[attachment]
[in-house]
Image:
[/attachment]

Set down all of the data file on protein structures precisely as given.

[in-house]
Image: